Last week, a loyal blog reader pointed out this article from the New Yorker that was published about 8 years ago.  It discusses how different CF centers were getting very different outcomes, despite a supposedly unified set of guidelines for patient treatment.  At one of the centers that was getting the best outcomes, there was a doctor who was absolutely fanatical about maintaining lung function in his patients.  In his view, each day a CF patient had a 0.5% chance of catching a dangerous lung infection (that is, a 99.5% chance of staying healthy).  By being absolutely obsessive about treatment, the patients could reduce that risk to 0.05% per day (a 99.95% chance of staying healthy).  That difference doesn't sound like much, but over a year it is the difference between an 83% chance of getting a lung infection and a 16% chance--which is huge.  There is some evidence that viral infections like RSV can make CF patients more susceptible to the bacterial infections that lead to permanent lung damage.  So, does that mean that Synegis treatment is part of staying in that 99.95% category? If it is, then it's totally worth the cost to me.  I just wish I knew!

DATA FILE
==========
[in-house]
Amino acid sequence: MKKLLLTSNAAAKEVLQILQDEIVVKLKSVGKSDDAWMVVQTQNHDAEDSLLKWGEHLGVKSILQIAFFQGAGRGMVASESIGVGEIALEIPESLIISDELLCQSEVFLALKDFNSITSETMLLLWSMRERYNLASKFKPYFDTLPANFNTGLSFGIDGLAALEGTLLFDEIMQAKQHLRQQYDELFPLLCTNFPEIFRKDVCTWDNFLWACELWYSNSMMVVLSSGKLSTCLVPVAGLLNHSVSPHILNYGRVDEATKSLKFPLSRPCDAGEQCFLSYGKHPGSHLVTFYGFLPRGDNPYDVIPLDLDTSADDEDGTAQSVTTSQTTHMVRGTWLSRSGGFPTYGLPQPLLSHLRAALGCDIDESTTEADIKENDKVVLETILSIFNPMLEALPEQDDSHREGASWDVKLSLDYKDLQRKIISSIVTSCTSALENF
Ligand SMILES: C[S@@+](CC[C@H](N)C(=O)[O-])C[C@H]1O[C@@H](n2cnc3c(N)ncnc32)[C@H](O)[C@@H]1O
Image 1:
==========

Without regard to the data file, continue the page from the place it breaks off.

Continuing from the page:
Monday, November 11, 2013

Week 12: Home is where the heart is

In addition to everything else that's been going on in our lives, before Lemon was born, we decided to relocate from Boston to Madison, WI.  We'd both been offered really good jobs there and felt like it was time to try something new after nearly two decades in Boston.  This week, we went out to Madison to look for a place to live and sort out a few other details of our new lives before the big move in January.